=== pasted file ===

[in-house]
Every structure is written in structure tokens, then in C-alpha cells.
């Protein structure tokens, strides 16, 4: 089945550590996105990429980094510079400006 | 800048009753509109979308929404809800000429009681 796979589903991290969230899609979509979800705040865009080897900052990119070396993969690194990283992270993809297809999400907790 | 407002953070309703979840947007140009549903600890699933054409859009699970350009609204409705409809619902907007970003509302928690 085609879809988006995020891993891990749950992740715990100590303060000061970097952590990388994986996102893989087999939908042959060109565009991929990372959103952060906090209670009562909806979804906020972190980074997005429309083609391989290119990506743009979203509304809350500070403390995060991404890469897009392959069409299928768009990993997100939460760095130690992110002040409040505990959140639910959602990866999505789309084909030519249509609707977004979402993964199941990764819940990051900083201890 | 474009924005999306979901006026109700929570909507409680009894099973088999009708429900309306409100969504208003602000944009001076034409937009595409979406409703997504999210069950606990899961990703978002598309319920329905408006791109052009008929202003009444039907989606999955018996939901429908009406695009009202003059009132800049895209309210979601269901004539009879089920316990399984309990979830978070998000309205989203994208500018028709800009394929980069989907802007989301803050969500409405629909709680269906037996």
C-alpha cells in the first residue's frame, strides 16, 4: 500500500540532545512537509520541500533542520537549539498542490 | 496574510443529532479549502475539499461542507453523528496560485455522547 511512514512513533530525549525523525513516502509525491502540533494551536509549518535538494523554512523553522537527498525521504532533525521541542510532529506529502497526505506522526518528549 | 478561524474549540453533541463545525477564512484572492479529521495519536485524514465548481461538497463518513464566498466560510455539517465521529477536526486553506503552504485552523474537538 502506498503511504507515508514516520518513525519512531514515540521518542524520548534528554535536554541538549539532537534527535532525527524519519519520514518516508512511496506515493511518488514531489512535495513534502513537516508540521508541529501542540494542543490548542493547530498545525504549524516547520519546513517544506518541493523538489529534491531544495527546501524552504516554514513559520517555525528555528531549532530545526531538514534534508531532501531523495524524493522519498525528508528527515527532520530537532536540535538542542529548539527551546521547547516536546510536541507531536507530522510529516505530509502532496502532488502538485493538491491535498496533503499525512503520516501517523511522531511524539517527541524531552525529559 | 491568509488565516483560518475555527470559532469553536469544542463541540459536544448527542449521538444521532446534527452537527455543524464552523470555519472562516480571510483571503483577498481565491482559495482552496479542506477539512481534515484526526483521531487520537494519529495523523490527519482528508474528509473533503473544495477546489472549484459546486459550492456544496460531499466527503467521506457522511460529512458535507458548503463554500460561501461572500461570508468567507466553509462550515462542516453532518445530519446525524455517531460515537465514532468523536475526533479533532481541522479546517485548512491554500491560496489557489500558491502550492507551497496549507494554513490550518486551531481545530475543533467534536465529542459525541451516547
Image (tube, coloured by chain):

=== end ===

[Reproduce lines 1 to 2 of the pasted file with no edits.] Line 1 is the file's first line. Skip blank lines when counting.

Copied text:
[in-house]
Every structure is written in structure tokens, then in C-alpha cells.